On the morning before the first round of the 100th PGA Championship, Bellerive Country Club equipment manager Chris Rapp begins describes the supersized numbers.
The big stuff includes nine fairway mowers, seven tee and approach mowers, two intermediate mowers four step cuts, five rough mowers, 18 walking greens mowers, and four mowers for cleanups and collars.
“How many mowers is that?” he asks. Rapp pauses and continues. “Not to mention the carts,” he adds. “There are probably 60 to 70 electric and gas carts down here.”
Doubling a mower fleet and quadrupling the cart fleet has turned equipment maintenance into nearly a 24-hour activity at Bellerive. The club has two technician shifts. The first crew works from 3:30 a.m. to 1:30 p.m. The second crew works from 11 a.m. to 9 p.m. Like all things associated with a major championship, the hours are subject to change and likely to expand. “The quality of cut aspect of this whole thing … It’s the 100th PGA Championship,” Rapp says. “It has to be as close to perfect as we can possibly get it.”
Rapp, fortunately, has plenty of help. His crew includes assistant Jim McCool and intern Codie Stroup. Rapp’s passion for golf equipment maintenance and the industry connections led to Bellerive securing four advance week and 13 tournament volunteers. The equipment technicians have their own lounge inside Bellerive’s maintenance facility, although they spend tournament days on their feet, sharpening, grinding and inspecting equipment.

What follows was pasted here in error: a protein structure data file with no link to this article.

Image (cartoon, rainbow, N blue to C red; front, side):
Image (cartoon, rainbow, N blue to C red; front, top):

Information is exchanged inside the shop and on the course. Equipment technicians cover the front and back nines during on-course maintenance shifts to ensure mowers are functioning properly.
“An important part of the job is getting out on the golf course and seeing that the machines we are setting up and sharpening are doing what they are supposed to be doing,” Rapp says. “The more eyes we have out there looking, especially experienced eyes, the better. It’s a big golf course. It’s almost impossible for any one person to scan every square foot of it.”
How big is Bellerive? Director of agronomy and grounds Carlos Arraya says the crew mows more than 160 acres of turf. The total includes four acres of bentgrass greens and 30 acres of zoysiagrass fairways. Zoysiagrass flourishes in Transition Zone heat, but it tests equipment.
“Zoysia is a fairly tough grass,” Rapp says. “We are basically using four fairways mowers on each fairway at a time. Having all four of those machines look identical creates a challenge. It’s not complicated, but it takes time.”
Securing volunteers during advance week and equipment support from John Deere eased the tension associated with a major championship. The additional personnel resulted in the pre-tournament grinding of 136 cutting units. Rapp is working his fourth televised tournament since arriving at Bellerive in 2003 and he’s volunteered at numerous other events.
A St. Louis native, Rapp says there’s a “serious” vibe to being responsible for the equipment preparing a course for the region’s first major championship in 26 years. But Rapp strives to keep an energetic vibe inside the shop by playing music, informally chatting with volunteers and giving an occasional motivational speech.
“He does a great job of bringing the guys together and recognizing that we are here to have fun and we are here to try to focus on making the golf course great and making this a great place to work,” Arraya says.
Rapp networks like a successful superintendent and his connections allowed Bellerive to quickly secure 20 squeegees from neighboring facilities following a 1 ½-inch dousing Tuesday. He’s hoping the major championship spotlight not only provides a jolt to St. Louis and Bellerive but helps attract determined young people to the profession.
“I love getting up and coming to the golf course,” he says. “I want to share that with other people and help the future of our business.”
Guy Cipriano is GCI’s senior editor.